After a visit from Razia’s son he’s given an extreme lesson on how ruthless Razia is and how impossible it is to earn her favour – she shows no favour to her son and killed both his father and her other lovers.

The rest of the crew are in cages and discussing Sinbad. Nala is disgusted and thinks he’s going to save his own neck, though Rina says she’d do the same in his situation. Anwar is convinced Sinbad has a plan for their rescue and Gunnar doesn’t understand why Anwar –or Nala for that matter – thinks Sinbad owes them any kind of loyalty or consideration.

One of their guards arrives to speak about putting them in gladiator matches – including Rina vs Anwar – and it becomes clear that Gunnar won’t fight for some reason (something Rina challenges)

Because Gunnar refuses to fight, they dress him in women’s clothing, he won’t “die as a man” and make him serve at the feast. Rina and Anwar are brought out to fight to the death with no weapons. Anwar thinks it’s play fighting for a plan – but Rina is clear, it’s every man for himself. Anwar refuses to hit her back because she’s a woman (something that makes Razia roll her eyes) and Rina continues to beat him up.

Meanwhile Sinbad is playing with the bird and, after a convoluted speech where he rants at it for… actually it’s incoherent and full of self-pity, but the bird decides to get out of his way and not just eat him. Sinbad is faced with a choice – run for the ship and abandon everyone, or go and rescue them. Of course, all the leadership lectures have paid off and he runs to help his new friends.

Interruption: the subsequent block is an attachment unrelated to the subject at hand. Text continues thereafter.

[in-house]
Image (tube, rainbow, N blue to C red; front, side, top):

He opens the basket full of food that spills into the trough, so all the people run to eat. This allows Nala and Rina to run around knocking people unconscious because they’re so mesmerised by the food. Gunnar picks up one of his tormentors to… throw him I guess and Anwar rushes in to earnestly beg him not to kill their kidnappers (why?)

This ends when Sinbad grabs Razia’s son and holds him at sword point – and tells the gathered people he’s Razia’s son (gasps of horror). They urge her to prove she favours no-one above anyone else – and to kill her son to serve them. Because… actually no, I have no real idea why this is supposed to make sense. So they can kill and (presumably) eat Sinbad and co? Because killing one of the group to feed the rest is really going to suit all their needs? She cannot do it – and in her love her facial tattoos disappear (they’re symbolic of the cold mask of a leader she wares). She is seen as weak – and one of her people kills her son instead, leaving her collapsed in grief while the rest of the people chase Sinbad’s crew.